Charlottesville and Beyond (Orientation)


Facilitators and students should familiarize themselves with the story by reading the First Amendment text below and this entry on the Free Speech Tracker: Charlottesville march results in violence, death.

For best results with this orientation module, use the introduction that follows as a chance for personal reflection and engagement, enlarge the discussion activity to a partner, then small group, then full class. Leave time for reflection and closure. Consider providing students your contact information for follow-up.

The First Amendment to the U.S. Constitution

“Congress shall make no law respecting an establishment of religion, or prohibiting the free exercise thereof; or abridging the freedom of speech, or of the press; or of the right of the people peaceably to assemble, and to petition the Government for a redress of grievances.”


Though the Supreme Court has held that speech that “incites or directly leads to violence” can be restricted, we as a nation must contend with the aftermath of what occurred in Charlottesville, Virginia, in the summer of 2017. The context and background for the incident, the rally itself, the violence, and the aftermath are at the heart of Free Speech issues in the contemporary United States. This session seeks to foster thoughtful consideration and debate about the boundaries of Free Speech.

Session Objectives (5 min.)

  1. To understand the nuances and tensions of Free Speech and its consequences.
  2. To foster civil discourse about the role and power of Free Speech.
  3. To apply a normative understanding of Free Speech to a contemporary case.

Model Engagement (10 min.)

Toward the goal of creating “brave spaces” and microcosms of “diverse democracy,” facilitators may ask students/participants to develop “conditions” or norms for successful dialogue. Facilitators may also ask that students consider what successful dialogue sounds like in the context of their education.

Topical Introduction (45 min.)

Context (10 min.) U.S. journalism has changed due to the closure of many local newspapers; an increase in small, independent, online outlets; and the omnipresence of social media. In your mind, what is the role of a free press in a democratic society? Discuss with a partner and then share with the group.

Video and Reflection (35 min.) Vice Media, a company founded by journalists, evolved from coverage of independent, local arts to a range of global news stories. Rather than mainstream media outlets, Vice was the main source of coverage of the rally. Watch Vice News’ video footage from the white supremacist march in Charlottesville:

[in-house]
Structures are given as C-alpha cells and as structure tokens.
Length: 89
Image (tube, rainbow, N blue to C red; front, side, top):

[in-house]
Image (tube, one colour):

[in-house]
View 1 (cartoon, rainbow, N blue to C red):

Then discuss:

  1. What did you notice?
  2. What questions does this video raise?
  3. To what historical contexts or events does this episode connect?
  4. How does it extend questions raised by historical events?
  5. How do the Charlottesville events challenge us? The status quo?

Options for Discussion

Choose one of the following three options.

Option A

Divide the students into groups and ask each group to read one of the following articles:

  1. A Guide to the Charlottesville Aftermath, The New York Times, Aug. 13, 2017
  2. The Problem With Making Hate Speech Illegal, Foreign Policy, Aug. 14, 2017
  3. A Twitter campaign is outing people who marched
    with white nationalists in Charlottesville, The Washington Post, Aug. 14, 2017
  4. Heather Heyer remembered at Charlottesville memorial, Politico, Aug. 16, 2017
  5. What Europe Can Teach America About Free
    Speech, The Atlantic, Aug. 19, 2017

Ask each group to discuss its assigned article and then present a summary of the article to the whole class. Each group should identify the tensions the article surfaces.

Option B

In small groups, students discuss the following questions:

  1. Should policymakers enact laws that restrict hate speech?
  2. If so, how should the government decide what constitutes hate speech?
  3. Can speech itself constitute violence?

Share summaries with whole group.

Option C

Review the role the American Civil Liberties Union (ACLU) played in preparations for the white supremacist march.

Discuss the criticism the organization faced, the adjustments it announced, and the organization’s history of representing hateful groups, including American Nazis.

Related ACLU Questions (20 min.)

  1. Should the ACLU continue to defend Nazis and other hate groups?
  2. If a protester legally possesses a firearm, should that affect the ACLU’s defense of his or her civil liberties?
  3. Is the ACLU limited in its conception of Free Speech and blind to a more “holistic” understanding of how citizens exercise their rights?

For Further Discussion

  1. Should white nationalists and other hate groups be permitted to stage rallies in public spaces, or should “hate speech” of this type be in a special category?
  2. When Twitter users “out” white nationalists to their schools and employers, are they contributing to a more polarized society or merely showing that speech has consequences?
  3. By tolerating those who are intolerant, does the First Amendment shape a society that is more or less tolerant?

Moment of Closure and Reflection (10-15 min.)

  1. Has your thinking changed from the beginning of the session to now? Why or why not?
  2. Consider how the group interacted around this topic today. What did you notice?
  3. How might we improve our ability to engage in civil discourse in U.S. society?